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Discussion Starter · #1 ·
Any of you that run single brood chambers and replace queens how do you do it? Spring before flow or after

I am wanting to try a few single brood chambers this year and continue with growing some. I was thinking of doing this let me know if this sounds like it would work or not to try and capture a honey flow

When drones are present and before swarming happens my plan is to take my existing hives that have more than 4 frames of brood and remove those frames along with the existing queen and shakes of nurse bees and transfer over to a nuc box to grow.

Leave the parent colony with 4 fames of brood and resources to fill 10 frame box. Add another box on top if needed. Let them raise a new queen.

I am thinking my time frame for this will be around the end of March early April (in Oklahoma) I have heard of people catching swarms as early as March 10th but dont think it's common. (I obviously will make sure they have room to grow so they dont swarm until I can make sure drones are out)

So the queen will be mated if everything goes right by end of April. Our flow is May June if everything goes well.

Will removing the old queen from the parent colony before the flow weaken it so it wont be strong to go after the flow? I was going to add frames of brood to it along the way from the old queen in the nuc box or take from my resource colonies to continue to build up while queen develops so thinking numbers will still be good. Or use the time for a brood break but that sounds like it will set them back.

That would give me a new queen in the early spring time for a production colony and a new colony to get going by making an artificial swarm with the old queen. Then after the end of June first of July I was going to re queen all the hives to start with fresh queens going into winter. I am hoping to graft them from my over wintered queens from this winter, so I can add new cells from proven overwintering queens to all my hives. Let them build up on our golden rod flow or feed if needed and pack the box up for winter. Then repeat the process till I build up to the amount of hives if the singles work.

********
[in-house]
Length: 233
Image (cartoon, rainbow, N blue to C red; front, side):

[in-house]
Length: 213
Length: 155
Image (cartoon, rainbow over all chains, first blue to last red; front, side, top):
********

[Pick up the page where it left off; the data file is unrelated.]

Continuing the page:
Thanks Justin
 

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Sounds like you have a plan. Work it and see how it goes, then make adjustments for the next year.

I run singles. None of my current-year spring queens produced much, if anything. The colonies that had been requeened after the flow (in July here) in the previous year far out-produced colonies that I had to requeen in the spring. Br. Adam is of the opinion that queens perform better in their second year (the year following their birth), and I experienced that first-hand last season.

Also, with single brood-chambers you will find brood on almost every frame in a single brood box, especially if you run either 9 frames or 8 frames plus a feeder (assuming you use ten-frame equipment). The bees store their honey above the brood nest and excluder, and my bees didn't have enough honey in the brood chamber to sustain the colony if all the supers were removed. So, if you harvest heavy (and I do) the bees have to be fed fed fed or they'll starve in a couple of days. For me that means feeding syrup on the same day as pulling honey.

Here's a good video about Ian managing singles in Canada: https://vimeo.com/247534144
 

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Joshua W thanks for the video link and information about the queens. I had not heard that about 2nd year queens. Good to know. I was under the impression it was the other way around (new fresh queen would out perform the winter queen) good to hear first hand experience with that.

Think I may swap the queen process and introduce or let the nuc/split raise a queen for spring and then replace after summer solstice for winter with queens I have grafted. Appreciate the info
 
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